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GSI Seminar - How dreams, science & volcanoes can help us enrich environmental intelligence by Ernesto Schwartz-Marin

Event details

In 2016 I was able to research how disaster management agencies, village heads, ritual experts and volunteers participating in monitoring networks at the Merapi Indonesia were able to share spiritual (dreams) and scientific (seismic data, health narratives) signs along with masks as part of their response to volcanic crises. Our findings about Merapi’s networks challenge dominant assumptions in the Disaster Risk Reduction literature that tend to equate building resilience with the substitution of problematic ‘cultural beliefs’ for ‘scientific facts’.  I will contrast our ethnographic work with our findings exploring ‘social volcanology’ in Mexico and then connect these insights with the work our research group on Environmental Intelligence & Science and Technology Studies (STS). I will use the indigenous notions of communities in Indonesia, to explain the work we (a group of brilliant PhD students and me) are performing in different parts of the Global South exploring: Heatwave narratives in Nepal ( with Bura Manju), Glaciers and water in Chile (Ellie Fox), Smart Urbanism in Mexico City (Tom Hogger-Gadsby), and the monitoring of human rights violations via changes in the landscape (Josh Redmond). The point of the presentation is to discuss how insights and methods coming from sociology and ethnography can help us enrich our understanding and engagement with the environment, and how to overcome dichotomies such as fact/fiction, and nature/culture to productively tackle some key aspects of the climate emergency.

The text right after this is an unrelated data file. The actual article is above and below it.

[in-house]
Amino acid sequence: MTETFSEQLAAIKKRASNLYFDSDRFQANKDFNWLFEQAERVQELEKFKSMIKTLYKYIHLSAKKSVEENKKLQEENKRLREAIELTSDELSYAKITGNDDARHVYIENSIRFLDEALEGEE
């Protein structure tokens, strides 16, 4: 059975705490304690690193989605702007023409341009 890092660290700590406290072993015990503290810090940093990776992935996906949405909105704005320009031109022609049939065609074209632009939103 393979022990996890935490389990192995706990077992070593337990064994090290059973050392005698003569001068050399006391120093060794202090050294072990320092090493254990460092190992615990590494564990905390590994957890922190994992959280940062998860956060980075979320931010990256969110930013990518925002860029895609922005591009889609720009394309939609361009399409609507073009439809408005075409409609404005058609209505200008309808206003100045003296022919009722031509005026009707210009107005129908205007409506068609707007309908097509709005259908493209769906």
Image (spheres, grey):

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Forum Exploration Lab 1 and online